A Juris Doctor (JD) is a foundational and terminal law degree program that is typically a prerequisite for a Master of Laws (LLM) degree program. JD degree programs are usually broader in their legal scope, while LLM degree programs are highly specialized. Compare and contrast other details of the two programs below.
Comparing a Juris Doctor to a Master of Laws
JD degree programs are law programs that prepare students to sit for the bar exam and cover a wide range of legal topics. These degree programs are usually 2 to 4 years long and are available on campus and online. Some JD programs may offer various areas of interest, such as general practice, criminal law, intellectual property law, public law, tax law, tribal law, constitutional law and more. Many also offer certificate programs, like an Advocacy Certificate, Elder Law Certificate, Environmental and Natural Resources Law Certificate and more, that students can earn in addition to their degree. Students in JD programs conduct a lot of legal research and are required to do a lot of writing as they take courses in topics like contracts, criminal law, civil procedure, legal analysis, property and more. Most graduates of a JD program take their state's bar exam and work as a licensed attorney, but may also work in other legal professions.
Master of Laws
LLM degree programs are specialized degree programs that are usually only 1 year in length. Some of these degree programs may offer a course-only or thesis track, while others may require students to complete an extensive writing project prior to graduation. Students are typically able to choose their own coursework in a specific topic that aligns with their career goals and may take some of these courses and seminars with upper-level JD students. LLM students still have to take courses that are heavy in legal research, writing and analysis, but may take specific courses like 'Common Law Contracts for Civil Lawyers', 'Labor Law', 'Gaming Law' and more. Graduates of an LLM degree program may also go on to work as lawyers in a specific area of law, but may also pursue careers as law professors, judges, government officials, diplomats and more.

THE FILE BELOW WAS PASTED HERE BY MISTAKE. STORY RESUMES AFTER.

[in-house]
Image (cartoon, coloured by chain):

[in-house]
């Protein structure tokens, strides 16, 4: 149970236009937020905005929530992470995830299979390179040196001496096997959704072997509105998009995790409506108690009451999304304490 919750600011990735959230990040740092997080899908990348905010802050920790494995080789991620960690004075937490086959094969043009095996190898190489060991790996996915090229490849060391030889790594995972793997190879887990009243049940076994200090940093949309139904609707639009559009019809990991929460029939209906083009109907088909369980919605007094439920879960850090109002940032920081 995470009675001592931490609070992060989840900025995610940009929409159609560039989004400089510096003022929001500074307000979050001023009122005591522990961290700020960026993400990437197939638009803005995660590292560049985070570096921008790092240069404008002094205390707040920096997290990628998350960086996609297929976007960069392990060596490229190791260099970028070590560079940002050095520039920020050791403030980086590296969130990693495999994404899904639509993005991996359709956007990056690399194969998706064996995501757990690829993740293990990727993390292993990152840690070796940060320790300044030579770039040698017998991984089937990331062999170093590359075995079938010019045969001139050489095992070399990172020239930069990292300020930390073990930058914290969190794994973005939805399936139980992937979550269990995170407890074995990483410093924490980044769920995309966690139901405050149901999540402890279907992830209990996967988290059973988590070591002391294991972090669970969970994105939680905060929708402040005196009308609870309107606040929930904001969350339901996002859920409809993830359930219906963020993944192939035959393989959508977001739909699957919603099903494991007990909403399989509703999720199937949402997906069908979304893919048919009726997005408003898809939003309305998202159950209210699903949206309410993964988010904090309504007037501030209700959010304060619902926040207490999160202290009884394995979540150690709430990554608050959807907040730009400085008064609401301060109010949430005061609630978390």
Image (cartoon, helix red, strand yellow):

Common Entrance Requirements
It is common for both JD and LLM degree programs to require students to submit their official transcripts, letters of recommendation, a personal statement and/or a resume or CV with their application to the program. JD degree programs usually expect students to hold a bachelor's degree and may have a minimum GPA requirement of a 3.0 or higher. These degree programs also usually request students to submit their LSAT scores. As mentioned, LLM degree programs require applicants to hold a JD, but usually do not require LSAT scores. LLM degree programs may also expect applicants to have a few years of work experience beyond law school.
Some of the main differences between a JD and LLM degree are that a JD degree program is longer in length and broader in scope, while an LLM degree program is shorter, more specific and requires students to have a JD. Both degree programs are usually competitive and prepare students for legal careers.